West pointed out that the policy that Sessions is returning to encourages people accused of crimes to place others in danger; it rewards “informing” on friends and relatives, and often, the people punished most severely are not the ones who committed the offense in question. She noted that, had she accepted a plea bargain and cooperated, she would be home by now. But cooperating would have meant informing on others — placing others who were only tangentially associated, in the same position as herself. Cooperating also could have jeopardized her own and her daughter’s lives, a risk that West wasn’t willing to take. West received two life sentences plus 50 years.
When she learned about Sessions’ memo, she was devastated.
“Sessions’ new directive will worsen racial disparities, increase the number of women serving draconian sentences, like my own, and do nothing to improve public safety,” West wrote.
Under Sessions’ directive, even in the rare instance that a prosecutor wishes to make an exception to pursuing the highest possible charge, they must obtain approval from a US Attorney or an Assistant Attorney General.
Nkechi Taifa is the advocacy director for criminal justice at the Open Society Foundations, and works on issues related to sentencing reform and clemency. “We’re going to be seeing people like Ramona Brant and Amy Povah get either life in prison or lengthy sentences,” she told Truthout.
Taifa also noted that when Sessions specifies that an offense should be “readily provable,” that can simply mean that someone who wants a lighter sentence has provided testimony about it. That means that people with the least amount of information to trade — often girlfriends and wives — face the brunt of the system. “That’s why we saw such an explosion of women in the system,” Taifa said.
As of 2015, nearly 60 percent of women were in federal prisons for drug convictions. And, as with any facet of the criminal legal system, race also plays a major role in who is arrested, charged and incarcerated, and Sessions’ memo will no doubt exacerbate the long-term incarceration of many Black and Brown people.
“This is where we get into the institutionalization of racism,” reflected Taifa. “The system is saying it has to be this way.” Though white people are actually more likely to sell drugs, Black people are more likely to be arrested and prosecuted for doing so. Inside federal prisons, 51 percent of Black people and nearly 58 percent of Latinx people are serving sentences for drug crimes.
Sessions’ memo directly impacts the federal system only, but it could also cause reverberations on the state level.
“The feds set a norm, a standard,” Taifa explained. “Who knows what incentives will be held out for states to adopt similar policies?” She points to the 1994 Violent Crime Control and Law Enforcement Act as a prime example. While the Crime Bill was a federal piece of legislation, it provided financial incentives for states to adopt “truth-in-sentencing” laws that restricted parole, mandating that people with violent offenses serve at least 85 percent of their sentences. Oklahoma, for instance, not only has the nation’s highest rate of female incarceration, but the number of people who are 50 years and older in the state’s prisons grew from 85 in 1980 to over 5,455 in 2015. According to the Council of State Governments, much of this growth has been caused by Oklahoma’s adoption of truth-in-sentencing laws.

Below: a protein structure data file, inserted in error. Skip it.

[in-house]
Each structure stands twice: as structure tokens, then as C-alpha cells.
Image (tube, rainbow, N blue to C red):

The resurrection of these policies doesn’t only affect individuals, but also families. Ramona Brant’s children were ages three and four when she was arrested. They were in their mid-twenties by the time she was released. Both of Brant’s parents, as well as her brother died while she was incarcerated. With each loss, Brant was denied permission to attend the funeral because of her life sentence.
While Brant was able to secure a clemency under Obama, Alice Johnson, who was sentenced to life in prison for passing phone messages about drugs, is still experiencing the devastation of being torn away from her family. “This is my 21st year of being in prison and separated from my children on Mother’s Day,” she wrote. “The failed War on Drugs created a culture which caused the over-criminalization of women who, in too many cases, received much harsher sentences than men. The families who have been destroyed and the children who have been left motherless are the unseen casualties. Even the suggestion of re-energizing the War on Drugs should be cause for great alarm for Americans.”
Povah concurs. Sessions’ new directive, she said, “is just more kerosene on the fire that’s been raging for way too long in this country.”
Inside the federal women’s prison in Alabama, Johnson wrote that she and others were filled with “shock and unbelief that he has given those directives after all the studies which have shown the aftermath of what the War on Drugs has NOT accomplished. We are living the reality of the past harsh sentencing and mandatory minimums. The women are very down in spirits because, for sure, there does not appear to be any relief in sight for a long time; in fact, it looks like things are about to get a lot worse.”
Across the country, at the federal prison in California, there is a similarly somber tone. “The mood has been doom and gloom since Obama left office and it shows on a lot of the faces of the ones who have extremely long sentences,” wrote West. Povah, who is in contact personally with 150 people in federal prisons, has heard similar sentiments repeatedly.
But while the mood in federal prisons is grim, advocates on the outside are determined to keep fighting.
“Power concedes nothing without a demand. It never did, it never will,” reflected Taifa, quoting the well-known words of Frederick Douglass. “We need to remember that. We may feel our protests aren’t changing anything, but we need to become a sustained justice movement. We need to be creative and be audacious.”
Copyright, Truthout. May not be reprinted without permission.
Victoria Law is a freelance journalist who focuses on the intersections of incarceration, gender and resistance. Her first book, Resistance Behind Bars: The Struggles of Incarcerated Women, examines organizing in women’s jails and prisons across the country. She writes regularly for Truthout and is a contributor to the anthology Who Do You Serve, Who Do You Protect? Her next book, co-written with Maya Schenwar, critically examines proposed “alternatives” to incarceration and explores creative and far-reaching solutions to truly end mass incarceration. She is also the proud parent of a New York City high school student. Find more of her work at victorialaw.net.